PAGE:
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Study Across The Pond US Blog

10 British phrases every American study abroad student must learn

Posted by The ATP Advisors on Aug 12, 2015 7:15:00 PM

10 British phrases for study abroad American students to learn

You might think studying abroad in the UK would be a bit like climbing into a TARDIS, and clamouring about while the Doctor tries to get you to class on time.

That's not exactly right, but you'd be surprised how turned around you can get just by listening to Brits talk. Making conversation can be especially difficult when you don't have an understanding of the local vernacular.

If you're thinking about studying in the UK, learn these ten phrases and listen for them on your trip. They'll help you "mind the gap" between two totally different styles of English.

1. “I’ve dropped a clanger”

If someone has just "dropped a clanger," things could get a bit awkward. It means they've made a blunder in speech, saying something inaccurate that might upset or embarrass someone.

For example, if you tell a new friend that her boyfriend is cute, only to find out that the guy wasn't her boyfriend, you've just dropped a clanger. It might be time for an apology.

2. “I haven’t seen that in donkey’s years”

If you hear this phrase, take notice. You're witnessing something that hasn't been seen in a very long time.

"Donkey's years," as it happens, is actually a variant rhyme of the phrase "donkey's ears." As you may know, a donkey's ears can be very long, a fact that likely resulted in this funny expression.

3. “I’m chuffed to bits”

This is great news! If you're "chuffed" it means you're feeling happy or pleased about something. If you're "chuffed to bits" than you're just having a jolly good day, aren't you, mate?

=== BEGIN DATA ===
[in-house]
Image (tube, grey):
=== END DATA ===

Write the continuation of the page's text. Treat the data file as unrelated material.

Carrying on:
For example, "I'm chuffed that we saw the London Eye on our way to the museum — chuffed to bits!"

4. “It’s gone pear-shaped”

When things have gone wrong you will hear this phrase on plenty of occasions!

The phrase origin is still disputed, but one story that dates back to World War II in 1940 claims it was used by British RAF pilots. When attempts to perform an aerial manoeuvre such as a loop went wrong, they described it as “pear-shaped” rather than the circle it should have been.

5. “They lost the plot”

If someone has "lost the plot," you'll probably want to stay as far away from them as possible. It means they have lost their cool.

This phrase is used a lot in football, when a player performs poorly during a game. It can also be used to describe a player or a coach who gets in a fight. If you're watching from the sidelines, you may want to offer the fellow some gentle encouragement.

If you're standing near him though, you'll probably want to get clear out of the way!

6. “You’ve thrown a spanner in the works”

If you've put "a spanner in the works," then you have unwittingly brought an entire plan to a halt.

A "spanner" is another word for a wrench, so you've basically thrown a wrench into whatever plans or processes were in order that day. For example, "We can't take the train. Henry lost his pass and threw a spanner in the works."

7. “Quit your whinging”

If someone tells you to "quit your whinging" then you may be annoying your new British friends. The word "whinging" refers to fretful crying or whining.

So, if someone says "Quit your whinging" to you, you may want to quiet down and try to move on.

8. “Let’s have a chin-wag”

This phrase is an invitation to talk aimlessly or gossip. A "chin-wag" is an informal conversation where you talk so fast your chin "wags" up and down as you go. 

If you hear this expression, you can join the chat to share all manner of juicy gossip.

9. “That’s manky”

If something is "manky," it's regarded as inferior or worthless, broken or damaged—even dirty or rotten. This phrase is used in many kinds of variations depending on where you are in the country.

In some regions, people use the word "manky" to say they are feeling under the weather, for example "I'm feeling manky tonight." When used as an insult against someone, though, the phrase can be downright degrading. So, you may want to use the word carefully.

10. “Bob’s your uncle”

Whether you’ve got an uncle called Bob or not, Brits use this strange phrase as a way of revealing something spectacular – kind of like a magician saying “ta-da”!

Be wary though, this is a tongue-in-cheek phrase that has become more synonymous with anti-climactic things that people have done – such as revealing a burned cake from the oven!

The ultimate checklist for applying to a UK university.

Topics: Undergraduate

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